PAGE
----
I remember my Mother worshiping God. More than I remember anything else about her, I remember that.
When I was just nose-high to the pew, I would look up at her during worship with a mix of respect and curiosity. As she would rise to worship God, something about her changed. There was no warming-up for her, no reluctance. She was never too tired.
At home, she would often pull out her accordion or sit at the piano, and play and sing to the Lord. It was a rare Sunday that I didn’t wake-up to her singing.
As a kid, I didn’t understand where her worship came from, or why she seemed absent from the room, even though she was right there beside me. I didn’t know why she cried sometimes, or how she could know all the words and never need a song book. My Mother wasn’t the finest singer or musician, but she didn’t hold back anything.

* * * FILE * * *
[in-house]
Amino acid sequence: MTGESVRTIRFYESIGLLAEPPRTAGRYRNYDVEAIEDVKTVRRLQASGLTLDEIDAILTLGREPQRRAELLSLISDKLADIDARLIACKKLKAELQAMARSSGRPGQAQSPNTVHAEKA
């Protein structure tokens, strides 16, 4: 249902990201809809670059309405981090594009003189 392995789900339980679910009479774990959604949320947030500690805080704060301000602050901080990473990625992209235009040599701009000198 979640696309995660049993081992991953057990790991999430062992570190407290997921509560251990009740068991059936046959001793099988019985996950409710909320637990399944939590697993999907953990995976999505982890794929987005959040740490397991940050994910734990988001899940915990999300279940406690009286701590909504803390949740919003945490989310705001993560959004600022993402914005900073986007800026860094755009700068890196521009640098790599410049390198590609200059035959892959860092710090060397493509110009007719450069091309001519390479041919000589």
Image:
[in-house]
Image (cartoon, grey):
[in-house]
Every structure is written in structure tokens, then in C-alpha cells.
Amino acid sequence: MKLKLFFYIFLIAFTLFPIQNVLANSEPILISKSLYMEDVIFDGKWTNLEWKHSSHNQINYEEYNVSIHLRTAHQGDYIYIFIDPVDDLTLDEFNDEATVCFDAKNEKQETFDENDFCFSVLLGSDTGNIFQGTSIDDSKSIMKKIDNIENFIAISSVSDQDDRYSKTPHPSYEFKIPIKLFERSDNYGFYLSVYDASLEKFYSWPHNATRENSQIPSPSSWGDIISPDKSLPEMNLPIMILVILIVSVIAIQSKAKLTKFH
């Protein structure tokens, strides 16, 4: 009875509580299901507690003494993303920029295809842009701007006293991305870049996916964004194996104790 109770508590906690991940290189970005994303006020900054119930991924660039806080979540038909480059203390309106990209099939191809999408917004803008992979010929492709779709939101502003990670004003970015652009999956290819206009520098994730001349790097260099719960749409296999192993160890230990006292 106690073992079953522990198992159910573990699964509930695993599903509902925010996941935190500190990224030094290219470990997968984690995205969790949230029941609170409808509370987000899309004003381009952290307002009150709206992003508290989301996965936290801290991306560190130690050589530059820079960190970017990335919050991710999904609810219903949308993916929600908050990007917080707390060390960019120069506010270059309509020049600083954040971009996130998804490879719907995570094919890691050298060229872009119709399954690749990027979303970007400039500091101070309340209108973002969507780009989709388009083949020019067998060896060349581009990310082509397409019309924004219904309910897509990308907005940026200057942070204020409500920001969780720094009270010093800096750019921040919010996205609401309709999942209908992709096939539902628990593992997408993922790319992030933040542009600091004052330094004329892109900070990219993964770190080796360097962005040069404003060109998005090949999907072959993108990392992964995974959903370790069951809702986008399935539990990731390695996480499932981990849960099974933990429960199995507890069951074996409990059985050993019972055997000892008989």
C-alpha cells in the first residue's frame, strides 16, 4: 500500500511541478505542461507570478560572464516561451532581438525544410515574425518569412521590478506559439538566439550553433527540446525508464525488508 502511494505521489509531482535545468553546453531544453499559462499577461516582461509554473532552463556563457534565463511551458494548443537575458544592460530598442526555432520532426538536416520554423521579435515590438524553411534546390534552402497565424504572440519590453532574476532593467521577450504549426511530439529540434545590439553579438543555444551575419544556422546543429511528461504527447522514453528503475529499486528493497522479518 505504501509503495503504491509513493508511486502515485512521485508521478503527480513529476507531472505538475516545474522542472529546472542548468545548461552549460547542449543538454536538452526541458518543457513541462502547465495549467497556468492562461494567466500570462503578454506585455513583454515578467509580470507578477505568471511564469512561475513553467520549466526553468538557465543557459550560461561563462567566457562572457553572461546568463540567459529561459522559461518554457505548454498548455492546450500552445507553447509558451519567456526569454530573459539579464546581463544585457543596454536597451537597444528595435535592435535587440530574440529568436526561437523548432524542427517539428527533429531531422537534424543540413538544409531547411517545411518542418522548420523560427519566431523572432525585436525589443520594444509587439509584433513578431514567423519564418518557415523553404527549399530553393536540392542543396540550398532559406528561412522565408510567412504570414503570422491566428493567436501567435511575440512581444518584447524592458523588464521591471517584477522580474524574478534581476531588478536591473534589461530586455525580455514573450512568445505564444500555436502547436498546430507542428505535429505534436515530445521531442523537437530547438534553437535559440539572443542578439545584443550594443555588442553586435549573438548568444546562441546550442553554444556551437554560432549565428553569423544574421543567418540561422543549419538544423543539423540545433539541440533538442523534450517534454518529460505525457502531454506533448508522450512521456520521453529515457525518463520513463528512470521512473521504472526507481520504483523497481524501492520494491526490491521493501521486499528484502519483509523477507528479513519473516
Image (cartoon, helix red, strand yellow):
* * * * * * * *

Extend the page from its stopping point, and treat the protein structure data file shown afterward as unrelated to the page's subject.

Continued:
My Mother’s worship of the Lord was a wonder to me and a child, and as I grew up watching her week after week, year after year, her example taught me about the character of God. She taught me that worship wasn’t about the song, but about an intimate encounter with God—and, that was entirely up to me. I could choose to enter in or hold back, but to withhold the worship due Him would be my loss.
It’s a rare worship service that I don’t remember my Mother worshiping the Lord. I remember her example, and I remember He is worthy—no matter the song or the pain or the burdens I brought in with me. She never let those things hinder her.
I know I’ve shared this many times, but here’s another!